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Warehouse Volunteer

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They unload boxes from trucks, drive forklifts and haul building materials across lumber yards. They sort through heavy crates of fruit and vegetables. And they sift through truckloads of clothing, furniture or other donated materials.

At first glance, you might assume only the superheroes of the world are up to the challenge of warehouse volunteering. But you don't need bulging muscles or superhuman strength to help out. Food banks and centers that collect donated material, such as clothing, building supplies and furniture, employ volunteers of all shapes and sizes. And volunteers come in all ages -- from students to seniors.

"We live by volunteers coming to help us," says Sheron Gibson. She's the office manager at a World Vision storehouse in Dallas, Texas. "We take volunteers from various agencies. Even senior citizens come in and volunteer to help us."

World Vision operates 10 storehouses throughout the U.S. It collects donated items from stores, such as clothing, computer supplies and furniture. Then it distributes the items to shelters, schools, churches and agencies to help Americans living in poverty.

"When we get the donations in, they come in bulk sizes... and we have to break them down," explains Gibson. "A lot of times we get large supplies of school supplies in, and they need to unload those supplies and assemble them." Teams of volunteers, including families and youth groups, create individual packages for students. Each backpack might contain a ruler, a few pens and pencils, paper, a glue stick and some markers.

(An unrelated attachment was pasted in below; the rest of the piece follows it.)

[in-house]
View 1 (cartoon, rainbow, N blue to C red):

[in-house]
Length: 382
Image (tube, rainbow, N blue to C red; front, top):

"We have a very small staff here," says Gibson. "Volunteers are the heart and soul of how we do what we do. Otherwise, we couldn't do it."

For Emily Greene's senior project in high school, she could have done anything -- taken a class, built something. But she chose to volunteer at the World Vision storehouse in Seattle, Washington.

"This is my first day, and I'm totally blown away," says Greene with a laugh. "I would love to keep volunteering here past my senior project requirements. Everybody's so friendly."

Greene was busy folding pajamas, blouses and slacks, and putting together outfits for homeless women who are re-entering the workforce.

"I just felt the need to come to an organization that helps other people," she says. Many of her classmates chose community projects as well. "I think people, especially my generation, are wanting to be in the know... and just want to help," she says. "We're at that age where we want to change the world."

Greene's dream job is to become a music therapist for autistic children. And she feels her work at the storehouse will help her in this field. "It just helps me understand different backgrounds and different people -- where they come from and what their needs are."

Every Wednesday morning Betty Moore heads to the local food bank with her special-needs son Shea, and the two of them roll up their sleeves.

"I thought it would be a good way to get Shea out... give him something to do," Moore says. The food bank takes donated food from grocery stores and creates free healthy food baskets for people in the community.